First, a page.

Adult Addiction Services
Adults with addiction to alcohol or other drugs can find a variety of treatment services to meet their individual needs. Services include inpatient hospitalization and detoxification, partial hospitalization, intensive outpatient, outpatient individual and group therapy, and an opioid specific treatment program.
Adult Addictions/Dual Disorders Inpatient Unit
Chemically dependent adults, age 18 and over, who are experiencing problems because of alcohol or other drugs may enter a structured, smoke-free, abstinence-based inpatient program that includes strong family participation.
A safe detoxification; psychiatric evaluation; and individual, group, and family therapy are provided along with the 12-step self-help support groups of Alcoholics Anonymous and Narcotics Anonymous.
Life enrichment skills, medication management, chemical dependency education, relapse prevention, communication skills, and self-esteem skills help individuals get back on track to a healthy, fulfilling life.
While working toward stabilization of the primary psychiatric illness, the Partial Hospitalization program emphasizes education about alcohol and other drugs, addiction, and the skills needed for recovery. The client must commit to abstaining while in the program.
This program is designed for patients with acute psychiatric symptoms including:
- Mood disorders
- Personality disorders
- Thought disorders
- co-occurring disorders of addiction
The Partial Hospitalization program operates Monday through Friday from 9:30 a.m. to 2 p.m.
Transportation is provided within the service area, which includes:
- Monongalia County
- Marion County
- Preston County
- Harrison County
- Taylor County
Medicare, Medicaid, and commercial insurance accepted and patients can refer themselves for the program.
Intensive Outpatient Program (IOP)
A relationship exists between the length of outpatient treatment and long-term sobriety. The largest percentage of individuals who relapse do so in the first 90 days. IOP is available to help during this critical period by presenting a forum for recovering individuals to learn and process new behavioral skills and to integrate them into daily living.
The program consists of group therapy, family therapy, and medical groups that meet three days each week. The groups offer:
- an opportunity to talk about pertinent issues
- education on the recovery process
- a chance to educate family and friends on the nature of addiction
- referral for necessary medical care.
Participants are also seen by an individual therapist regularly.
Orientation Group introduces new members to program components and rules before joining the larger groups. Self-help group orientation and schedules are distributed.
Therapy Group meets on Monday and Thursday from 4 pm to 6 pm Participants are encouraged to talk about issues related to addiction as well as those affecting daily life (i.e., marital, family, work, or financial problems).
Medical Group meets on Tuesday from 4 pm to 5 pm Members meet with a team of physicians and residents to discuss health and medical issues. Sessions include lectures on medical issues related to addictions, proper medical care, and medication issues. Referrals for further treatment may be recommended.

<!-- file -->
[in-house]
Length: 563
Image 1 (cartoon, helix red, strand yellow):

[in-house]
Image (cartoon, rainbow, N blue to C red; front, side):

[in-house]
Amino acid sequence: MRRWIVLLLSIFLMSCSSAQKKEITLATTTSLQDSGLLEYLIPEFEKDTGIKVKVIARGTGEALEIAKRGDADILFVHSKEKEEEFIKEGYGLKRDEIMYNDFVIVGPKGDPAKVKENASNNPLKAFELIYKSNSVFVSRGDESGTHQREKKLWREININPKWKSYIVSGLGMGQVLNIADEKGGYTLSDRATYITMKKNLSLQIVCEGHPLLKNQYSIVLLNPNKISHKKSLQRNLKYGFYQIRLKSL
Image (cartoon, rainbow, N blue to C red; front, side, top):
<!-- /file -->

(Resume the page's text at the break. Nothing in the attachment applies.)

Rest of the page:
Family Group meets on Tuesday from 5 pm to 6:30 pm following the Medical Group. Participants are strongly encouraged to bring family members or others close to them.
It is well documented that the addicted person impacts the lives of approximately 6 other people. Information about the nature of addiction and its impact on the family is provided, and discussion is encouraged.
- Participants must want to abstain from all mood- or mind-altering chemicals.
- Participants commit to regular group attendance. If unable to attend, cancellation must be communicated.
- Participants agree to take medication as prescribed and agree to random drug screening.
- Participants agree to attend self-help meetings in the community (such as Alcoholics Anonymous and Narcotics Anonymous).
- Participants encourage relevant family members and significant others to attend Family Group meetings weekly with them.
- Participants will not have romantic involvement or relationships with other individuals participating in the IOP.
- Participants assume financial responsibility for any payment or co-payment toward treatment cost.
All meetings take place at Chestnut Ridge Center Outpatient Services.
Therapy Group 4 pm – 6 pm
Medical Group 4 pm – 5 pm
Family Group 5 pm – 6:30 pm
Therapy Group 4 pm – 6 pm
Length of participation in the IOP varies and usually lasts on an average of 12 weeks. Program staff will recommend follow-up treatment on an individualized basis.
You may join the IOP program by calling 304-598-4214 between 8 am and 5 pm Monday through Friday.
Other Addiction Groups
This weekly group is available to men who wish to explore common issues such as relationships, feelings, father/son issues, violence, and dating.
(Comprehensive Opioid Addiction Treatment)
Opioid addicts seeking recovery from substance use may be treated in a weekly clinic that includes drug screening, required self-help attendance, group therapy, and medical management. Appropriateness for the treatment will be established through an intake evaluation.